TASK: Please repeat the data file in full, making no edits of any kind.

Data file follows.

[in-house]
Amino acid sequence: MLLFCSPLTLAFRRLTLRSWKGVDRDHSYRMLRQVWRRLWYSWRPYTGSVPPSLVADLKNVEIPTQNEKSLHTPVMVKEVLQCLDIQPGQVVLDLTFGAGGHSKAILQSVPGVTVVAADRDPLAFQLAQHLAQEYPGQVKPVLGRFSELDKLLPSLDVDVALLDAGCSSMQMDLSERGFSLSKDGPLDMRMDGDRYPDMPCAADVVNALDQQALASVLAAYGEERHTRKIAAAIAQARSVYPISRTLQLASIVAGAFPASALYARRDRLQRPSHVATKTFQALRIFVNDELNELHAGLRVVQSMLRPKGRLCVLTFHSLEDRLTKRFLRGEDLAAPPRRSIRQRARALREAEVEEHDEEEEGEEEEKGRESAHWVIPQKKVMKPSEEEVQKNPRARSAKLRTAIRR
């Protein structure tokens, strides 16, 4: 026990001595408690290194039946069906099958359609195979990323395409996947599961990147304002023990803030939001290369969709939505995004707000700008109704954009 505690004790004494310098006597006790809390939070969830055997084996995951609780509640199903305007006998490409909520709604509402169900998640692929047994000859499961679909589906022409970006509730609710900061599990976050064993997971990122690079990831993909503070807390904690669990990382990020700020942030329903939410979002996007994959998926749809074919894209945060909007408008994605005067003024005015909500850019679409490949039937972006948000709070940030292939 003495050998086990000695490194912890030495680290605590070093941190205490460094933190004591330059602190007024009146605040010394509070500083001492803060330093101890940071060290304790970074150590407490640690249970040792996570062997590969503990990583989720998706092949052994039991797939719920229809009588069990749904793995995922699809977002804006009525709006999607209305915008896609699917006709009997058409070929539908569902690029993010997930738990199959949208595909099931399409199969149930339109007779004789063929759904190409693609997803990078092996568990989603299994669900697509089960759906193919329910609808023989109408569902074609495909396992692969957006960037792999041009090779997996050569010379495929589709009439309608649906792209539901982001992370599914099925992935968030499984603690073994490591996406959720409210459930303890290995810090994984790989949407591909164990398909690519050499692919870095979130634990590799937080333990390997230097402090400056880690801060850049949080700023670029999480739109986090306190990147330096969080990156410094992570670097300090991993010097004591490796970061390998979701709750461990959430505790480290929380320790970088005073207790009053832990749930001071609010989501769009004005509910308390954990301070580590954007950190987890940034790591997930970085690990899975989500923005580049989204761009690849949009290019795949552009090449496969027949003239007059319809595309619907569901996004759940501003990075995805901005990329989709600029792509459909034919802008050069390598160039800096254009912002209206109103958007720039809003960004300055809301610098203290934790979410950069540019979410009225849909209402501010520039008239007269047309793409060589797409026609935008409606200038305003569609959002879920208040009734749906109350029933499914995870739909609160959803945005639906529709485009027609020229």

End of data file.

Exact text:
[in-house]
Amino acid sequence: MLLFCSPLTLAFRRLTLRSWKGVDRDHSYRMLRQVWRRLWYSWRPYTGSVPPSLVADLKNVEIPTQNEKSLHTPVMVKEVLQCLDIQPGQVVLDLTFGAGGHSKAILQSVPGVTVVAADRDPLAFQLAQHLAQEYPGQVKPVLGRFSELDKLLPSLDVDVALLDAGCSSMQMDLSERGFSLSKDGPLDMRMDGDRYPDMPCAADVVNALDQQALASVLAAYGEERHTRKIAAAIAQARSVYPISRTLQLASIVAGAFPASALYARRDRLQRPSHVATKTFQALRIFVNDELNELHAGLRVVQSMLRPKGRLCVLTFHSLEDRLTKRFLRGEDLAAPPRRSIRQRARALREAEVEEHDEEEEGEEEEKGRESAHWVIPQKKVMKPSEEEVQKNPRARSAKLRTAIRR
């Protein structure tokens, strides 16, 4: 026990001595408690290194039946069906099958359609195979990323395409996947599961990147304002023990803030939001290369969709939505995004707000700008109704954009 505690004790004494310098006597006790809390939070969830055997084996995951609780509640199903305007006998490409909520709604509402169900998640692929047994000859499961679909589906022409970006509730609710900061599990976050064993997971990122690079990831993909503070807390904690669990990382990020700020942030329903939410979002996007994959998926749809074919894209945060909007408008994605005067003024005015909500850019679409490949039937972006948000709070940030292939 003495050998086990000695490194912890030495680290605590070093941190205490460094933190004591330059602190007024009146605040010394509070500083001492803060330093101890940071060290304790970074150590407490640690249970040792996570062997590969503990990583989720998706092949052994039991797939719920229809009588069990749904793995995922699809977002804006009525709006999607209305915008896609699917006709009997058409070929539908569902690029993010997930738990199959949208595909099931399409199969149930339109007779004789063929759904190409693609997803990078092996568990989603299994669900697509089960759906193919329910609808023989109408569902074609495909396992692969957006960037792999041009090779997996050569010379495929589709009439309608649906792209539901982001992370599914099925992935968030499984603690073994490591996406959720409210459930303890290995810090994984790989949407591909164990398909690519050499692919870095979130634990590799937080333990390997230097402090400056880690801060850049949080700023670029999480739109986090306190990147330096969080990156410094992570670097300090991993010097004591490796970061390998979701709750461990959430505790480290929380320790970088005073207790009053832990749930001071609010989501769009004005509910308390954990301070580590954007950190987890940034790591997930970085690990899975989500923005580049989204761009690849949009290019795949552009090449496969027949003239007059319809595309619907569901996004759940501003990075995805901005990329989709600029792509459909034919802008050069390598160039800096254009912002209206109103958007720039809003960004300055809301610098203290934790979410950069540019979410009225849909209402501010520039008239007269047309793409060589797409026609935008409606200038305003569609959002879920208040009734749906109350029933499914995870739909609160959803945005639906529709485009027609020229």